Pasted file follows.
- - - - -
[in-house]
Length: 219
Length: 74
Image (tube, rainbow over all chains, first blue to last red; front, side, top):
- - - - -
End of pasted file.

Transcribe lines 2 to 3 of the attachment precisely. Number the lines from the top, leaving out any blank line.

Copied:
Length: 219
Length: 74